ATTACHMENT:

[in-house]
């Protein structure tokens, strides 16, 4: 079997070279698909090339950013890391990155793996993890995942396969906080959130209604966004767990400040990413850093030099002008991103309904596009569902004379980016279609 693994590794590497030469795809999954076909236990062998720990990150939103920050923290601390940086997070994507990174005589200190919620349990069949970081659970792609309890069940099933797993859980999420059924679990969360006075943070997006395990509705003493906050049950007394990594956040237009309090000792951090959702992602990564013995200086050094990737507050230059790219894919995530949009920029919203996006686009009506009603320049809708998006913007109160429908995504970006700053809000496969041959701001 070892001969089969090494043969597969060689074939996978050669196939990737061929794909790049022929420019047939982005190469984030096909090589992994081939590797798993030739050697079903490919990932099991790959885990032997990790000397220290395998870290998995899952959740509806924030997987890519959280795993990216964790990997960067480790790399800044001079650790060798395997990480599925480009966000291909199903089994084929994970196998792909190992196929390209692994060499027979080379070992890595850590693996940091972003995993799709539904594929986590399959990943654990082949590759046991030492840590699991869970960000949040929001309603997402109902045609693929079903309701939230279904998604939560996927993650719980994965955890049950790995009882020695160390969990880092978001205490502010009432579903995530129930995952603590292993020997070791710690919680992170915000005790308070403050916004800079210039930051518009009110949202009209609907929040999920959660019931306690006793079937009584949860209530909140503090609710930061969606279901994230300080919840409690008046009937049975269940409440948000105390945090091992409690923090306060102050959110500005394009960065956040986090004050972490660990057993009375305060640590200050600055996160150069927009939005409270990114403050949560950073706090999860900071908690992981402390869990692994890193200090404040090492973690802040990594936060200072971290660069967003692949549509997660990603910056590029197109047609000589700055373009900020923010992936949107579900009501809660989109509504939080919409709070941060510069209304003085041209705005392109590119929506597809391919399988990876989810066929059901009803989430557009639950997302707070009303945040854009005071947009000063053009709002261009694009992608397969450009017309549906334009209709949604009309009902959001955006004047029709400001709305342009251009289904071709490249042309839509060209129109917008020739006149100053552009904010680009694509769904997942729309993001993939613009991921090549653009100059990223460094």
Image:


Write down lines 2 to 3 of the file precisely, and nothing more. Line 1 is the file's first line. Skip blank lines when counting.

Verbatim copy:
């Protein structure tokens, strides 16, 4: 079997070279698909090339950013890391990155793996993890995942396969906080959130209604966004767990400040990413850093030099002008991103309904596009569902004379980016279609 693994590794590497030469795809999954076909236990062998720990990150939103920050923290601390940086997070994507990174005589200190919620349990069949970081659970792609309890069940099933797993859980999420059924679990969360006075943070997006395990509705003493906050049950007394990594956040237009309090000792951090959702992602990564013995200086050094990737507050230059790219894919995530949009920029919203996006686009009506009603320049809708998006913007109160429908995504970006700053809000496969041959701001 070892001969089969090494043969597969060689074939996978050669196939990737061929794909790049022929420019047939982005190469984030096909090589992994081939590797798993030739050697079903490919990932099991790959885990032997990790000397220290395998870290998995899952959740509806924030997987890519959280795993990216964790990997960067480790790399800044001079650790060798395997990480599925480009966000291909199903089994084929994970196998792909190992196929390209692994060499027979080379070992890595850590693996940091972003995993799709539904594929986590399959990943654990082949590759046991030492840590699991869970960000949040929001309603997402109902045609693929079903309701939230279904998604939560996927993650719980994965955890049950790995009882020695160390969990880092978001205490502010009432579903995530129930995952603590292993020997070791710690919680992170915000005790308070403050916004800079210039930051518009009110949202009209609907929040999920959660019931306690006793079937009584949860209530909140503090609710930061969606279901994230300080919840409690008046009937049975269940409440948000105390945090091992409690923090306060102050959110500005394009960065956040986090004050972490660990057993009375305060640590200050600055996160150069927009939005409270990114403050949560950073706090999860900071908690992981402390869990692994890193200090404040090492973690802040990594936060200072971290660069967003692949549509997660990603910056590029197109047609000589700055373009900020923010992936949107579900009501809660989109509504939080919409709070941060510069209304003085041209705005392109590119929506597809391919399988990876989810066929059901009803989430557009639950997302707070009303945040854009005071947009000063053009709002261009694009992608397969450009017309549906334009209709949604009309009902959001955006004047029709400001709305342009251009289904071709490249042309839509060209129109917008020739006149100053552009904010680009694509769904997942729309993001993939613009991921090549653009100059990223460094």
Image: